Chapter 16
A Community of Tennessee Writers, Readers & Passersby

Bloodsuckers 1.0

Michael Sims shows off a glittering collection of antique vampire tales

Readers who stumble across Dracula’s Guest: A Connoisseur’s Collection of Victorian Vampire Stories, a new anthology of little-known tales edited by acclaimed nature writer and Crossville native Michael Sims, might be forgiven for rolling their eyes: Oh, great, another vampire book. After all, it seems as if the literary marketplace has hardly seen a week without a vampire-themed bestseller since Stephen King’s 1975 classic, Salem’s Lot. After Anne Rice’s Lestat novels, the Sookie Stackhouse/True Blood series from Charlaine Harris, and Stephenie Meyer’s blockbuster Twilight saga, do we really need another book about pseudo-human bloodsuckers? Arguably, yes, when they’re as diverse and genuinely creepy as the cohort brought together in Dracula’s Guest. Unlike the rather lovable vampires that currently clutter popular culture, the old-fashioned monsters in Sims’s collection are actually monstrous, though sometimes they possess a villainous charm.

Dracula’s Guest is comprised of twenty-two stories arranged in a rough chronology that actually begins well before the Victorian era. Sims then divides the tales into three groups—”The Roots,” “The Tree,” and “The Fruit”—with the aim of showing how the folk myth entered and evolved within literary culture, coming into its own in the second half of the nineteenth century. This is an oddly scholarly approach for a book that is clearly aimed at general readers, but it pays a fascinating narrative dividend, allowing us to see how the vampire evolved from the repulsive revenant of eighteenth-century folklore to the complex, romantic creature that so intrigues us today.

That fascination arises, at least in part, from the fact that the modern vampire embodies the strange ambivalence we feel about mortality. As Sims notes in his entertaining introduction, we have a horrifying, ineluctable bond with the dead. Recalling a dream in which his grandfather arose from the dead to pay him a visit, Sims writes, “He wanted me to join him. Of course he did; the dead always want us to join them. They frighten us because we know that someday we will.”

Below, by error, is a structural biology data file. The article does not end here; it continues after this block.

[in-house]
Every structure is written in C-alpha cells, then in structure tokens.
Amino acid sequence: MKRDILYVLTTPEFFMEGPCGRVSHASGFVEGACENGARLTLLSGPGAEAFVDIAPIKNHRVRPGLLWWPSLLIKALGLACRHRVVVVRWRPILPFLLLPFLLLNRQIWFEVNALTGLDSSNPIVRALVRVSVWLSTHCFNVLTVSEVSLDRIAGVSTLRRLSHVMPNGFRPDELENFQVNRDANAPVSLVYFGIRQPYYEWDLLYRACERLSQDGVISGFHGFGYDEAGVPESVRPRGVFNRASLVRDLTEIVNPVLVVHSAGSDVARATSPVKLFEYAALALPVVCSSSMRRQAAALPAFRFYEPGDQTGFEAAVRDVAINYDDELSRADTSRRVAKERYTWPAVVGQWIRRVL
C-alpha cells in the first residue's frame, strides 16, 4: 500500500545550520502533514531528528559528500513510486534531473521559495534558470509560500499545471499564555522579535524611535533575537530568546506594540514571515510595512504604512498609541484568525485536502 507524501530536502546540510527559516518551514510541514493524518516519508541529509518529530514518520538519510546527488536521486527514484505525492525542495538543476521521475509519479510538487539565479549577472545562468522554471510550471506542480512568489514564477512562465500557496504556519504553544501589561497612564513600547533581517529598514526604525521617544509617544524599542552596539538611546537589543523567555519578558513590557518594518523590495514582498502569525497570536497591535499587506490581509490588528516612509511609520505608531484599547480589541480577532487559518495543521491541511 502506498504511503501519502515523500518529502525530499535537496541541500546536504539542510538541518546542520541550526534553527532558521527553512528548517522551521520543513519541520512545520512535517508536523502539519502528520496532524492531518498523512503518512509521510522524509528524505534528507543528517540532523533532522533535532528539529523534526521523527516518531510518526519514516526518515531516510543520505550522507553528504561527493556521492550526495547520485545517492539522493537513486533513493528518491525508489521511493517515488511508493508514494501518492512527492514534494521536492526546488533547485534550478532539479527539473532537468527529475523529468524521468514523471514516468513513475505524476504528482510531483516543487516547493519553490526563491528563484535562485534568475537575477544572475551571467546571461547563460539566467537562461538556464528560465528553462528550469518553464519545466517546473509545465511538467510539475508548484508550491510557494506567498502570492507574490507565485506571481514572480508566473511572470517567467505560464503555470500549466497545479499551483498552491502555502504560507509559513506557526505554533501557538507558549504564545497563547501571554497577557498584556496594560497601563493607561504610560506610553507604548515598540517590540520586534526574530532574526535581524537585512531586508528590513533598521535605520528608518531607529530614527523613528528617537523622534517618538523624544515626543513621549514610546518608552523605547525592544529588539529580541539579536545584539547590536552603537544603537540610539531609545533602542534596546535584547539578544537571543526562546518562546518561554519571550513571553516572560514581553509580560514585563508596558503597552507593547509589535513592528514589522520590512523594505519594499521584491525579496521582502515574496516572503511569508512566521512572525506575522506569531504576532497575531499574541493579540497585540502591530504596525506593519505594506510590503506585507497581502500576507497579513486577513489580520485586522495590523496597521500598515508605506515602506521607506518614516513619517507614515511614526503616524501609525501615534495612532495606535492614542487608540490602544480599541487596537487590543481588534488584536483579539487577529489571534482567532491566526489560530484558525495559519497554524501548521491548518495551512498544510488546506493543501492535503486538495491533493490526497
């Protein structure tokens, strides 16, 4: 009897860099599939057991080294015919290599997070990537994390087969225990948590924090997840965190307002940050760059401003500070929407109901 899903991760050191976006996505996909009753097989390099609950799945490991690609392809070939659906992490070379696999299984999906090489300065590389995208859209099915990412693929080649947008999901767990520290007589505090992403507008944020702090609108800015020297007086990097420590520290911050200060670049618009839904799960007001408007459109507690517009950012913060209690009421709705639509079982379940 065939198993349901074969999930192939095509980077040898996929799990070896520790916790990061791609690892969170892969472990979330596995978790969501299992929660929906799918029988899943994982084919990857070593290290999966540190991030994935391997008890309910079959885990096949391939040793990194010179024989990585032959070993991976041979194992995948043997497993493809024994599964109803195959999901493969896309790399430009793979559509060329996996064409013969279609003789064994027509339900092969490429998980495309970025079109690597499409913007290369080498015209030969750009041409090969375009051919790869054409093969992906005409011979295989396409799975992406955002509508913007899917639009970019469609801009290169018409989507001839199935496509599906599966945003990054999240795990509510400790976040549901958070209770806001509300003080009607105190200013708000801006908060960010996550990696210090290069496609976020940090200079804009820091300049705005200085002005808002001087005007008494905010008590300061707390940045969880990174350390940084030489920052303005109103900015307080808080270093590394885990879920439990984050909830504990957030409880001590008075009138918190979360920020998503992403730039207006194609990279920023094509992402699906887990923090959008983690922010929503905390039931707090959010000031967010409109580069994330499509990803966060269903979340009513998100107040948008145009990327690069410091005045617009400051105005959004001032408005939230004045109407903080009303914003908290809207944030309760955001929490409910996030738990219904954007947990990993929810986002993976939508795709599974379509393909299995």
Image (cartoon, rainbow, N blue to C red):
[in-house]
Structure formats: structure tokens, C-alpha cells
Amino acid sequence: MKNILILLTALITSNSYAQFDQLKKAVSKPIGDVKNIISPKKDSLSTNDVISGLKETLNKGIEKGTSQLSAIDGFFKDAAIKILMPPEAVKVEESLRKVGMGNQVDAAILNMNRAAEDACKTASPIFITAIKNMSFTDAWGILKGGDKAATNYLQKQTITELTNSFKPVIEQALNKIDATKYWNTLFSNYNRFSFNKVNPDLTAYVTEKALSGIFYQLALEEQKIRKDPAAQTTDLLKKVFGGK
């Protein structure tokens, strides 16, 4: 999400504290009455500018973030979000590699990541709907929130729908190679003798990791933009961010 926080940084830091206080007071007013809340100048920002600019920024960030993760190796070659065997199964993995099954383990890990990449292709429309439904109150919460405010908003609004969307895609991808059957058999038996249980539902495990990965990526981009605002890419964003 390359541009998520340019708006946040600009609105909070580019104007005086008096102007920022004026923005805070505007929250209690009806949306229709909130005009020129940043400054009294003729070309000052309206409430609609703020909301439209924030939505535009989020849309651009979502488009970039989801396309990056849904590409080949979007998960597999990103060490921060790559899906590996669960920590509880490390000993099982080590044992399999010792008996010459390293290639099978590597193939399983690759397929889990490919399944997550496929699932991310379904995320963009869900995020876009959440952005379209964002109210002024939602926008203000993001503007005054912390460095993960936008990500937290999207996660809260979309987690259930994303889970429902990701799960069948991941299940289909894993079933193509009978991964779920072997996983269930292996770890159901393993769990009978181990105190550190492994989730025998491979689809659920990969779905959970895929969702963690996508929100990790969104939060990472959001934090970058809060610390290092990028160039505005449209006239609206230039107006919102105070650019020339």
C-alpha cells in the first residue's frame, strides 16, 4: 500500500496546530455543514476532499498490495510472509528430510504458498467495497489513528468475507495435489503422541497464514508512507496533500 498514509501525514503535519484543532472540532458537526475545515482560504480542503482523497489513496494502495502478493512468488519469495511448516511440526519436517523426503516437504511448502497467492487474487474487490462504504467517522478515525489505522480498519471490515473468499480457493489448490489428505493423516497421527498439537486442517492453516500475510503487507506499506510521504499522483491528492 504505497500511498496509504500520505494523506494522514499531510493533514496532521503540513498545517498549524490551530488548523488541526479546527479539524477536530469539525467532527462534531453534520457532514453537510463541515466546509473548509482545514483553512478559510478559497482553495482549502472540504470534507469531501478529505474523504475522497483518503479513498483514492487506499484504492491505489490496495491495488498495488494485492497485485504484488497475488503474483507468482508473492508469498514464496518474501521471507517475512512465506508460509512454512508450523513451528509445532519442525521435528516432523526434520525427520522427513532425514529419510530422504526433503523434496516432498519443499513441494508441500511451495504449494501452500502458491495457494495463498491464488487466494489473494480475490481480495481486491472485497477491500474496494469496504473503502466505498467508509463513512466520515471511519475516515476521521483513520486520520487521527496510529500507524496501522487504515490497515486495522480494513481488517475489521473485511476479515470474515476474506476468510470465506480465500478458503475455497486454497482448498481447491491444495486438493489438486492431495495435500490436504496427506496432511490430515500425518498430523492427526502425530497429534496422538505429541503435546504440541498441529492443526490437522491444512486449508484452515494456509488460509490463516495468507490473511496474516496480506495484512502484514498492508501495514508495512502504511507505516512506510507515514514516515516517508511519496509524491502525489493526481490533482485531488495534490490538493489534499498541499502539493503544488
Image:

The allure of the dead is central to many of the stories in Dracula’s Guest, such as “Wake Not the Dead” an early nineteenth-century tale in which a restless husband abandons his wife to take up with his previous spouse, who, unfortunately, happens to be dead. Their rekindled romance, needless to say, does not end well. For those who like a less sexy vampire, Sims includes a number of straight-up horror stories, and a few of these are genuinely disturbing. Mary Cholmondeley’s “Let Loose” should come with a warning label for dog lovers.

Dracula’s Guest contains a fair amount of archaic prose (“Avaunt, cold-hearted being: thou knowest not what is love”) that may make it tough going for readers who aren’t keen on Victorian literature, but the stories are dark and gruesome enough to satisfy any contemporary horror fan. Sims, with his usual sparkling style, provides abundant annotation on the stories, and his introduction is a terrific short course on the origins of the vampire myth. Edifying and entertaining, Dracula’s Guest is a welcome—and needed—addition to a literary marketplace awash in vampire stories.